Foxconn and Taiwan Semiconductor Manufacturing Company (TSMC) are teaming up in a move to buy Toshiba Memory. Assuming the two companies can make the deal come together, they’ll be in a strong position to steal Apple’s memory business away from Samsung.
The plan, according to Foxconn chairman Terry Guo, is to let Toshiba continue operating as a stand-alone company, much like Sharp does. Foxconn purchased Sharp last year in a US$3.5 billion deal, and while it has a great deal of control over who sits on Sharp’s board of directors, the company still operates independently.
News of the proposed buyout comes via China’s Liberty Times. The paper said Foxconn and TSMC are preparing now for March 29th’s first-round bidding.
Assuming the two land the winning bid, Foxconn plans to help Toshiba grow its memory chip business. The move isn’t, however, completely altruistic because Foxconn expects memory storage demands to increase when 8K video resolution takes off. Since Foxconn is already the world’s largest storage equipment maker, the Toshiba deal will give the company a competitive advantage.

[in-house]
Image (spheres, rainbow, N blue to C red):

Landing Toshiba’s Memory Business
Foxconn has plans to grow its large screen display business and owning Toshiba’s NAND flash memory business will help ensure the chips it needs will be available.
The deal will also set up Toshiba to be Apple’s primary memory chip supplier instead of Samsung. The money Foxconn and TSMC invest in Toshiba will help ramp up the production infrastructure to meet not only Apple’s demands, but Foxconn’s, too. That’s assuming Foxconn and TSMC land the winning bid to buy Toshiba.
Toshiba is spinning off its flash memory devision to help cover a US$6.3 billion loss. It’s planning on selling a stake in the new company, but is open to selling the entire business to the right bidder.
Foxconn and TSMC aren’t saying how much money they’re willing to spend to buy Toshiba’s memory business, but Mr. Guo said he’s very serious about landing the deal.
[Thanks to DigiTimes for the heads up]